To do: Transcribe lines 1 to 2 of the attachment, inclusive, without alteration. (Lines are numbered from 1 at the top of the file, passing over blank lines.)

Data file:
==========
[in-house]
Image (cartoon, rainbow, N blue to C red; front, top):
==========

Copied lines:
[in-house]
Image (cartoon, rainbow, N blue to C red; front, top):